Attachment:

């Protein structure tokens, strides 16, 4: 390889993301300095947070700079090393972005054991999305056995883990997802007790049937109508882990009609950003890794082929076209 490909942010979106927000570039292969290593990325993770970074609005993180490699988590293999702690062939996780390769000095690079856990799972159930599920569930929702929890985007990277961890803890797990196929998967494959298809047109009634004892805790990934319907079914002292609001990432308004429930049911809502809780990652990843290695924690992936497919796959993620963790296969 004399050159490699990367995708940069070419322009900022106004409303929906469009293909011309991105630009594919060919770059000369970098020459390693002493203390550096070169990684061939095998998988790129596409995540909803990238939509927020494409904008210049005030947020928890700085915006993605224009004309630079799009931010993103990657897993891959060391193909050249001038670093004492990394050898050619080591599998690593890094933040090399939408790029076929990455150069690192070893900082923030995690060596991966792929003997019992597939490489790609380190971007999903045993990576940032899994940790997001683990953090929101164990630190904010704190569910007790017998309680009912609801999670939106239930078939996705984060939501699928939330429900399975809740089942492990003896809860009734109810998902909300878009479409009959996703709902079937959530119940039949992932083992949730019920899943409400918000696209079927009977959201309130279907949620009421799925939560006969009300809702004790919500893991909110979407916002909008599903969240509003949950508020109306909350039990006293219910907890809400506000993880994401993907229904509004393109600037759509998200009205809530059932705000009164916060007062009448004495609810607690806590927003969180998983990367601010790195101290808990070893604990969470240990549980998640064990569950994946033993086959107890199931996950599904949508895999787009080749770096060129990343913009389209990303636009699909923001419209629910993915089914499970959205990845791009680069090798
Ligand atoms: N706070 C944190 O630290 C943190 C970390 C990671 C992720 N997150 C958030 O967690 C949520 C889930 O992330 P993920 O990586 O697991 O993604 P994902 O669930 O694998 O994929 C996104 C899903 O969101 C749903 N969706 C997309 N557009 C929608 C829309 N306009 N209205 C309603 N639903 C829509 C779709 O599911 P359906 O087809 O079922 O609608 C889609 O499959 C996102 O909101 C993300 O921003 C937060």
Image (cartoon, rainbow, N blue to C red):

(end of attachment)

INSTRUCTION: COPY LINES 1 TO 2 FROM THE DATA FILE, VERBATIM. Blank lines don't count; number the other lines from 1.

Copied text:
């Protein structure tokens, strides 16, 4: 390889993301300095947070700079090393972005054991999305056995883990997802007790049937109508882990009609950003890794082929076209 490909942010979106927000570039292969290593990325993770970074609005993180490699988590293999702690062939996780390769000095690079856990799972159930599920569930929702929890985007990277961890803890797990196929998967494959298809047109009634004892805790990934319907079914002292609001990432308004429930049911809502809780990652990843290695924690992936497919796959993620963790296969 004399050159490699990367995708940069070419322009900022106004409303929906469009293909011309991105630009594919060919770059000369970098020459390693002493203390550096070169990684061939095998998988790129596409995540909803990238939509927020494409904008210049005030947020928890700085915006993605224009004309630079799009931010993103990657897993891959060391193909050249001038670093004492990394050898050619080591599998690593890094933040090399939408790029076929990455150069690192070893900082923030995690060596991966792929003997019992597939490489790609380190971007999903045993990576940032899994940790997001683990953090929101164990630190904010704190569910007790017998309680009912609801999670939106239930078939996705984060939501699928939330429900399975809740089942492990003896809860009734109810998902909300878009479409009959996703709902079937959530119940039949992932083992949730019920899943409400918000696209079927009977959201309130279907949620009421799925939560006969009300809702004790919500893991909110979407916002909008599903969240509003949950508020109306909350039990006293219910907890809400506000993880994401993907229904509004393109600037759509998200009205809530059932705000009164916060007062009448004495609810607690806590927003969180998983990367601010790195101290808990070893604990969470240990549980998640064990569950994946033993086959107890199931996950599904949508895999787009080749770096060129990343913009389209990303636009699909923001419209629910993915089914499970959205990845791009680069090798
Ligand atoms: N706070 C944190 O630290 C943190 C970390 C990671 C992720 N997150 C958030 O967690 C949520 C889930 O992330 P993920 O990586 O697991 O993604 P994902 O669930 O694998 O994929 C996104 C899903 O969101 C749903 N969706 C997309 N557009 C929608 C829309 N306009 N209205 C309603 N639903 C829509 C779709 O599911 P359906 O087809 O079922 O609608 C889609 O499959 C996102 O909101 C993300 O921003 C937060």